Whole blood collected in tubes with EDTA or purified genomic DNA from tissue sources was accepted for testing. Genomic DNA extraction, library preparation, sequencing, and data analysis were performed using validated protocols (eMethods 1-3 and eFigure 1 in the Supplement). For the patients receiving trio-CES, library preparation and sequencing were only performed after all 3 blood samples had arrived to minimize potential differences due to batch effects. Exome capture was performed using SureSelect Human All Exon V2 Kit (Agilent Technologies) and sequencing was performed using the HiSeq 2000 for a 50-bp paired-end run or HiSeq 2500 for a 100-bp paired-end run (both from Illumina). An average of 60 million independent paired reads or 9.7 Gb of sequence data were generated per sample to provide a mean 100-fold coverage across the RefSeq protein-coding exons and flanking intronic sequence (±2 bp) with more than 93% of these bases and 94% of all reported Human Gene Mutation Database (HGMD) variant positions with a depth of coverage 10 × or more. Thus, we estimated that CES has a more than 93% chance of observing clinically relevant single nucleotide or small indel (insertions and deletions) variant(s). The mitochondrial genome is not specifically captured, but as a byproduct of being present at a high copy number, 99% of the base positions of the protein-coding sequences in the mitochondrial genome are sequenced simultaneously to detect homoplasmic and highly heteroplasmic variants1 (although we have not reported any clinically significant mitochondrial genome variant, we observed mitochondrial polymorphisms in almost all cases).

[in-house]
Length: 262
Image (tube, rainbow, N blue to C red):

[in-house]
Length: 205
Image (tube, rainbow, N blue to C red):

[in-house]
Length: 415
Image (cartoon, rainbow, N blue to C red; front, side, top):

Various quality metrics were recorded for each sample for quality control and these metrics were highly consistent from sample to sample (eTable 1 in the Supplement) providing a sensitive indicator of possible sample contamination, errors in library preparation, or inadequate sequencing. Of 1734 samples sequenced, no samples failed these initial quality metrics. Normalized coverage was used to search for evidence of deletions or duplications of an entire chromosomal arm and to confirm the sex of the individuals from the X and the Y chromosome coverage. Because the relative depth of coverage of each exon was generally consistent, variance from the normal coverage was a sensitive means to assess for poor capture quality. Of 1734 samples, 3 samples were rejected due to atypical exon coverage and repeated successfully with a new blood specimen. Consanguinity was estimated and possible uniparental disomy was identified on the basis of long (>5 Mb) stretches of homozygosity.2,3 Finally, when 1 or more additional family members were sequenced at the same time as the proband, the inheritance pattern and variant sharing across the exome was queried to confirm genetic relationships.